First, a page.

Boloñes de Banus (14-25m) A vast area of boulders makes this rocky reef the ideal safehouse for countless octopus. A great spot for a drift dive for Open Water and more experienced divers alike.

Roqueillos (25-35m) A 2km stretch of rocky offshore reef that is enveloped in bright, colourful soft coral and is home to schools of pink Anthias, shoals so thick it feels like gliding through fish soup! Because of its location and protection from fishing boats, expect to see plenty of Conger eels, large Spider crabs and Spiny lobster. Due to the depths and occasional currents here, divers must be at least PADI Advanced certified and have some experience in drift diving.

Las Bovedas (18m-40m+) One of the top 10 dive sites in Spain, Placer de las Bovedas is a large, 2kmsq reef populated by an incredible variety of marine species, from groupers, wrasses and breams to octopuses, nudibranchs, damselfish, scorpion fish, congers, morays, sponges, corals and many others. Three nautical miles from the coast and a 20-minute RIB ride from our Marbella base, the reef walls, canyons and valleys can be exposed to strong currents with the shallowest pinnacle in 18 metres and the steep drop off on the other side plummeting to 100m and beyond. Being close to the Gibraltar Straits and its inflow of currents from the open Atlantic Ocean, you are likely to see marine species here that you won’t encounter anywhere else in the Med. Demanding drift and deep dives can be the norm.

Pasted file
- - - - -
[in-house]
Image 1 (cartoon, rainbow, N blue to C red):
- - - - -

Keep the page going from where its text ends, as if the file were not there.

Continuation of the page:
La Laja del Almirante (21-24m) This gigantic area – the size of 3,000 rugby fields – is considered to be one of the most important marine sites, not only of the Malaga coastline but of the entire Mediterranean due to its enormous biodiversity in which over 500 species coexist. The site of many scientific studies, the area has been declared an EU “SCI” (Site of Community Importance). Also known as Laja de las Gorgonias for the abundance of soft corals found here, this dive is typically a drift dive. Large rock formations are found in the form of a continuous curving wall that can sometimes appear to go on for eternity! Along the entire route’s overhanging reef, big marine species such as groupers, congers and lobsters can be found.

The Galleon (7m) The charred remains of a 300 year old French galleon, now a favourite nesting place for cuttlefish and also home to octopus and conger eels. The Battle of Marbella was a naval battle that took place while a combined Spanish-French force besieged Gibraltar on 10 March 1705 during the War of Spanish Succession. The Lys warship was driven ashore by the allied convoy of English and Dutch. She was set alight by her crew to avoid capture. Belt buckles and buttons, as well as cannon balls can still be found, making this is a great dive for history buffs and young divers.

SOURCE: simplydiving, located in Marbella, Torremolinos and Fuengirola.